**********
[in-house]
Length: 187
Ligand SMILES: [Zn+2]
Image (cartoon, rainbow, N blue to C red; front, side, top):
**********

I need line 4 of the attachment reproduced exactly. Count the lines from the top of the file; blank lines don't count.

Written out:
Image (cartoon, rainbow, N blue to C red; front, side, top):